Due to accumulating plastic and waste, protecting our waterways is more important than ever. Litter has a tendency to accumulate in the environment, contaminating soil, water, and wildlife habitats. These human-made problems require human-made solutions. It is inspiring to see cities taking initiative by partaking in river clean ups. Volunteers gather together to remove litter from riverbanks and surrounding environments. Calgary, in western Canada is an example of a city that is committed to improving the quality of its riverbanks. The Pathway and River Clean-up is an annual event hosted in the springtime. Volunteers are encouraged to register to join a designated leader and area in order to maximize the efficiency of the clean up. This event occurred for the first time in 1967 when Sandra Crawford, a twelve-year-old girl, noticed a mattress lying on the edge of the Elbow River. After failed attempts at removing the misplaced mattress, she contacted the local newspaper, the Calgary Harold, about the issue. This inspired the first Pathway and River Clean-up which has continued annually for over 50 years.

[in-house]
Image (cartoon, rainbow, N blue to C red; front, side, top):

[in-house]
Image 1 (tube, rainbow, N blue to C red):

On a more global scale, the Ocean Conservancy hosts Coastal Clean-up Days in communities around the world. This is the world’s largest annual event where volunteers gather to clean up local beaches, rivers, creeks and parks. This event attracts participants in over 100 countries to local clean-up events. The Coastal Clean-up day is hosted during September each year, so keep an eye out for event information updates at https://oceanconservancy.org/. However, all year long you can document your shoreline clean-up efforts. Check out the CleanSwell mobile app, created by Ocean Conservancy, that allows you to track each item of trash you collect at your local beaches and waterways. This app tracks the weight of the trash you’ve collected, total distance cleared, and uploads your data to a global database in order to identify littering trends.
Keep in mind that you don’t need to rely on designated clean-up days to improve your environment! Grab some friends and family and plan your own clean up. Supplies like reusable garden gloves, garbage bags, recycling bags, sunscreen, snacks, and water may come in handy. Also always remember to be safe around water, especially when the water is fast-moving and cold; keep children away from dangerous shorelines and have people work in pairs. Make sure to stay off of steep embankments and call in the local authorities for assistance with trash in these areas. Don’t forget to separate materials into recycling, compost, landfill, and hazardous materials in order to maximize the positive effects of your clean up!
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